When a self-driving car is involved in an accident, its data tells the story—which can be essential to crash investigators to determine who or what was at fault, as well as to automakers, so they can make their self-driving systems smarter and safer.
In 2004, the IEEE Standards Association introduced IEEE 1616, setting the ground rules for the types and amounts of data collected by automobile event-data recorders, or EDRs (a car’s answer to the black boxes in aircraft). In the nearly 20 years since this standard was established, however, vehicles have become more electronics-intensive, with the addition of high-tech systems including advanced driver assistance systems (ADAS) like Tesla’s famous (and sometimes infamous) Autopilot.
A new standard makes it clear what self-driving-car “black box” data is needed—both for crash investigators and for carmakers improving their ADAS hardware and software.
So over the past three years, the 1616 working group has been working to update the code. IEEE 1616.1, ratified in late June 2023, incorporates new specifications for event-data recorders to broaden the dataset available to autonomous vehicle designers.
The update “recognizes the value of improved crash information in improving the knowledge of what happens before, during, and after a motor vehicle crash,” says Thomas M. Kowalick, chair of the 1616 standard working group and author of several books, including Fatal Exit: The Automotive Black Box Debate. The standard also “seeks to maintain privacy, prevent tampering, avoid odometer fraud, limit data access, and enhance safety by using an event data recorder connector lockout apparatus.”
Paul Kostek, the working group’s secretary, says the group’s recent emphasis has been on what is now known as the 1616.1–2023 Standard for Data Storage System for Automated Driving (DSSAD). The standard “identifies functions and common technical requirements for data storage requirements.” Kostek, a senior member of IEEE, says it makes clear what data generated by ADAS—those that share the driving task with humans and those that require no human input—must be accessible for crash investigations and subsequently for use by software and hardware designers to make improvements.
All in all, the standard seeks to identify challenges and gaps in determining what happens when a vehicle crashes. The EDR provides “what-happened info,” while the data storage system for automated driving provides the “why it happened info” at the crash site. The DSSAD reports and verifies two critical fields, summarizing the status of the vehicle’s autonomous driving system and who or what—the human driver or the software—was in control at a specific point in time.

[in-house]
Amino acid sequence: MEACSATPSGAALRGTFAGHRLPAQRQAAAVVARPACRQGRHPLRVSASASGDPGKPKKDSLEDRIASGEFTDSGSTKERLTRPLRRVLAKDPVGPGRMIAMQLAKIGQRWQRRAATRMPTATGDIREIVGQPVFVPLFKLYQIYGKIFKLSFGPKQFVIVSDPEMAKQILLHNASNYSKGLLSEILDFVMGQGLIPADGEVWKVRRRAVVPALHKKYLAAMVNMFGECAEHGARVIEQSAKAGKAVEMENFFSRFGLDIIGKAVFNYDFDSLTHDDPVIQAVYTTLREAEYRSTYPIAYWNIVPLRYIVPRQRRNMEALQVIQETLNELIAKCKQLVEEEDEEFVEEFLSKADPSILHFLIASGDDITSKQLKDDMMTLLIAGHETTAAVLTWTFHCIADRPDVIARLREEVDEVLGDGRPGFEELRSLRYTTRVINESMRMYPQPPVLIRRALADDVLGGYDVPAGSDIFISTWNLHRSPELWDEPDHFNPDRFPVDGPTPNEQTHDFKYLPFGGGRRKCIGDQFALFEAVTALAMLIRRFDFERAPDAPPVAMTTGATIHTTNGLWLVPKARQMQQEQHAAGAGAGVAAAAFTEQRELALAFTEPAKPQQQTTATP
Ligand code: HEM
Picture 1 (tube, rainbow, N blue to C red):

One of the lingering issues affecting the development of self-driving vehicle technology is the inability to answer some fundamental questions: 1) How will we know when it is safe to trust machines to handle this task, and 2) if a pedestrian is struck by a self-driving vehicle, what should happen next? They’re not easy to answer, given that driving involves the potentially competing goals of reaching the destination efficiently and keeping pedestrians and the occupants of other vehicles safe. This tension is called the Molly problem, the self-driving car’s version of the trolley problem, the well-known philosophical thought experiment.
The new standard “helps to answer the Molly problem issue,” says Kowalick. By providing hard data from traffic phenomena to a wide audience, it will help society decide if claims of increased comfort, safety, and efficiency are worthwhile.
A lot rides on getting this right and on doing so expeditiously, says Kowalick. Someday soon, he predicts, the annual worldwide death toll associated with automobile travel could be cut to a fraction of what we’re witnessing now.
Kostek says the group will likely meet again this fall to address “additional topics such as cybersecurity issues and information for first responders.” He wants other experts and stakeholders to know they are welcome to participate “towards creating the next step in automated/autonomous vehicle standardization.”
FULL ARTICLE SOURCE: When Autonomous Vehicles Collide, Data Takes Over – IEEE Spectrum